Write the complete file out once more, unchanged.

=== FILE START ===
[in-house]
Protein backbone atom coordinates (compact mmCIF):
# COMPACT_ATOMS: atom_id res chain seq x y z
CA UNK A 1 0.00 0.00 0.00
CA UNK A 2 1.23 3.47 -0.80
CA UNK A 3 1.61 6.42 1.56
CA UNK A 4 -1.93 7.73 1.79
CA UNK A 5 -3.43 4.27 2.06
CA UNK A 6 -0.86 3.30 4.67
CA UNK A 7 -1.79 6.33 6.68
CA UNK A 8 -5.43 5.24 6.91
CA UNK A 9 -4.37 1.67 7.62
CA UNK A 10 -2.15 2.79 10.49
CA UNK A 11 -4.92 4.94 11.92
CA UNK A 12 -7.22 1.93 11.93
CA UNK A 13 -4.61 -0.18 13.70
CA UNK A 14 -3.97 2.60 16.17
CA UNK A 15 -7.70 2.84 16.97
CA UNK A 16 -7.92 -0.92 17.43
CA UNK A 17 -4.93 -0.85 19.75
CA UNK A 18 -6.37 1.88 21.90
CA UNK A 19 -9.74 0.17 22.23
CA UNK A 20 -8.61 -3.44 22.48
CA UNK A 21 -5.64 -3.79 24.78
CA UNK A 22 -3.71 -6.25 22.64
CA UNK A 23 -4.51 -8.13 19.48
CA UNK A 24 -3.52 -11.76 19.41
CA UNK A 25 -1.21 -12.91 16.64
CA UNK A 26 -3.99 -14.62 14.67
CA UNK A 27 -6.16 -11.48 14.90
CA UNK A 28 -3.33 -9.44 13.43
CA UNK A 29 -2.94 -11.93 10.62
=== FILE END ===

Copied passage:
[in-house]
Protein backbone atom coordinates (compact mmCIF):
# COMPACT_ATOMS: atom_id res chain seq x y z
CA UNK A 1 0.00 0.00 0.00
CA UNK A 2 1.23 3.47 -0.80
CA UNK A 3 1.61 6.42 1.56
CA UNK A 4 -1.93 7.73 1.79
CA UNK A 5 -3.43 4.27 2.06
CA UNK A 6 -0.86 3.30 4.67
CA UNK A 7 -1.79 6.33 6.68
CA UNK A 8 -5.43 5.24 6.91
CA UNK A 9 -4.37 1.67 7.62
CA UNK A 10 -2.15 2.79 10.49
CA UNK A 11 -4.92 4.94 11.92
CA UNK A 12 -7.22 1.93 11.93
CA UNK A 13 -4.61 -0.18 13.70
CA UNK A 14 -3.97 2.60 16.17
CA UNK A 15 -7.70 2.84 16.97
CA UNK A 16 -7.92 -0.92 17.43
CA UNK A 17 -4.93 -0.85 19.75
CA UNK A 18 -6.37 1.88 21.90
CA UNK A 19 -9.74 0.17 22.23
CA UNK A 20 -8.61 -3.44 22.48
CA UNK A 21 -5.64 -3.79 24.78
CA UNK A 22 -3.71 -6.25 22.64
CA UNK A 23 -4.51 -8.13 19.48
CA UNK A 24 -3.52 -11.76 19.41
CA UNK A 25 -1.21 -12.91 16.64
CA UNK A 26 -3.99 -14.62 14.67
CA UNK A 27 -6.16 -11.48 14.90
CA UNK A 28 -3.33 -9.44 13.43
CA UNK A 29 -2.94 -11.93 10.62